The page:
We get the idea that the need to reach out and touch someone is behind [Niklas Roy]’s “Please Leave a Message”, an interactive art installation he set up in the front window of his Berlin shop. Conveniently located on a downtown street, his shop is perfectly positioned to attract foot traffic, and his display is designed to catch the eye and perhaps crack a smile. The device consists of a large wooden easel holding the guts from an old X-Y pen plotter, an Arduino and an ESP-8266, and a couple of drivers for the plotter’s steppers. Passers-by are encouraged to scan a QR code that accesses a web page served up by the ESP-8266, where they can type in a brief message. The plotter dutifully spells it out on a scroll of paper for all to see, using a very nice font that [Niklas] designed to be both readable and easily plotted. The video below shows it in action with real people; it seems to be a crowd-pleaser.

[Niklas] has been incredibly prolific, and we’ve covered many of his interactive art installations. Just search for his name and you’ll find everything from a pressure-washer dancing waters display to a plus-sized pinball machine.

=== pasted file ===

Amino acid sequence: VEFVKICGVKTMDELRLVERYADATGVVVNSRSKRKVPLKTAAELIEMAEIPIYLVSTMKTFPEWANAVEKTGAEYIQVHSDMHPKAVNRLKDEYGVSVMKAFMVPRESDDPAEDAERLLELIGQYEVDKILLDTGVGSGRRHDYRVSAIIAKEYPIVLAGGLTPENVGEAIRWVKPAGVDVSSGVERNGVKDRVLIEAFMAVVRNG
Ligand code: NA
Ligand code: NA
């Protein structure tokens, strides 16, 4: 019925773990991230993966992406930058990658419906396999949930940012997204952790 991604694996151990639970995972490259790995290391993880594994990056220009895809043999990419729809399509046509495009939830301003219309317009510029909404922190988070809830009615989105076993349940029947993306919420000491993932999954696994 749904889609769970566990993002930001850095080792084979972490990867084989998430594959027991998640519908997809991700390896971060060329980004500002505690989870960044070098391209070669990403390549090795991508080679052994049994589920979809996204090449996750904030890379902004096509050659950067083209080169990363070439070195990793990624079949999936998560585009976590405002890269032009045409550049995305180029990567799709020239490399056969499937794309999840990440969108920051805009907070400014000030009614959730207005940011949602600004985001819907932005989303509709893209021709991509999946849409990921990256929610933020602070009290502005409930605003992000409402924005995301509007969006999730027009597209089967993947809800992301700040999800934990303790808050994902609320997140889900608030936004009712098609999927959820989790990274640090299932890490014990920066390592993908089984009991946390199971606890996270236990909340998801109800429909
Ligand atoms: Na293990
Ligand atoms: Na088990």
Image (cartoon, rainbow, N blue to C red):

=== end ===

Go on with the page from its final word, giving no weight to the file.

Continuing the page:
Continue reading “How Much Is That Plotter In The Window?”

Vintage Terminal Converted For Galactic Use In Time For May The Fourth

“Not as clumsy or random as Windows. An elegant terminal, for a more civilized age.” [Ben Kenobi] might well have said that about the Hewlett-Packard 264x-series of serial terminals, in use starting at just about the time the original installment of the Star Wars franchise was released.  With their wide-screen CRTs and toaster-oven aesthetic, they were oddballs in the terminal market, and [CuriousMarc] has gone and made one even odder by converting an H-P 2645A to display the Aurebesh character set from the movies.